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You are here : 3-RX.com > Medical Encyclopedia > Diseases and Conditions > Anorexia Nervosa: Treatment & Monitoring
      Category : Health Centers > Eating Disorders

Anorexia Nervosa

Alternate Names : Anorexia

Anorexia Nervosa | Symptoms & Signs | Diagnosis & Tests | Prevention & Expectations | Treatment & Monitoring

What are the treatments for the disease?

The goals of treatment are to correct malnutrition and the underlying psychological problem. Weight gain is important. A team approach is most effective. This includes:

  • aggressive medical management
  • cognitive behavioral therapy
  • individual, group, and family psychotherapy
  • nutritional rehabilitation and counseling
  • Anorexia nervosa may be treated in the hospital or on an outpatient basis. The person's weight, cardiac status, and overall health are factors that influence the treatment options. Some people become so malnourished that they need to be fed through tubes to stay alive. While they are in the hospital, they will have strict rules about eating. In order to earn more privileges, they will have to eat a certain amount of food each day. They are expected to gain a certain amount of weight each week.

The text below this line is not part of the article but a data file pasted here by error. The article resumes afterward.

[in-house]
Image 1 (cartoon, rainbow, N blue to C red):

A combination of cognitive behavioral therapy and family therapy are often effective for people with anorexia.

  • Cognitive therapy helps individuals identify and question the reality of their beliefs about eating and their weight. The therapist would help these individuals understand that, by staying so thin, they are actually damaging their bodies.
  • Behavioral therapy is designed to help change the behaviors that keep the illness going. For instance, the person may leave the dinner table after only a few minutes. A therapist may recommend sitting at the table for several hours. This may help overcome the person's fears about food.
  • Family therapy helps family members learn about the illness. They learn what they can do to help their loved ones recover. Sometimes, family problems need to be addressed before recovery can begin.
  • Medicines are rarely used to treat anorexia. If the person has significant depression, antidepressants may be used. Sometimes, cyproheptadine is used because it can stimulate appetite. However, it isn't usually effective. People with anorexia do feel hungry. They just choose not to eat.

    What are the side effects of the treatments?

    Antidepressants may cause drowsiness, dry mouth, and constipation.

    What happens after treatment for the disease?

    Psychotherapy usually continues for at least one year after treatment starts. Some individuals may need 5 to 6 years of therapy. People who recover from anorexia need to be aware that this illness can recur.

    How is the disease monitored?

    The individual will have regular visits with the healthcare provider. Any new or worsening symptoms should be reported to the provider.

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    Anorexia Nervosa: Prevention & Expectations


    Author: Michael Johnson, MD
    Reviewer: Adam Brochert, MD
    Date Reviewed: 05/30/01

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